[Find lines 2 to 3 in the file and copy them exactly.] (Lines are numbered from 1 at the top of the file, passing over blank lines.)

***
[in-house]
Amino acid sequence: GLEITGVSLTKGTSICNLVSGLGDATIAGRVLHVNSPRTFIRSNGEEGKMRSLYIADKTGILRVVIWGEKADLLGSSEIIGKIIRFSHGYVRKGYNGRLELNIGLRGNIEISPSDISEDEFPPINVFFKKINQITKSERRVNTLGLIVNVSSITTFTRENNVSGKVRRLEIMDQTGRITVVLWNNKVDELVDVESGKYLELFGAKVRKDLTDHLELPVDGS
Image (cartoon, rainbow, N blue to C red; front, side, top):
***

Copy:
Amino acid sequence: GLEITGVSLTKGTSICNLVSGLGDATIAGRVLHVNSPRTFIRSNGEEGKMRSLYIADKTGILRVVIWGEKADLLGSSEIIGKIIRFSHGYVRKGYNGRLELNIGLRGNIEISPSDISEDEFPPINVFFKKINQITKSERRVNTLGLIVNVSSITTFTRENNVSGKVRRLEIMDQTGRITVVLWNNKVDELVDVESGKYLELFGAKVRKDLTDHLELPVDGS
Image (cartoon, rainbow, N blue to C red; front, side, top):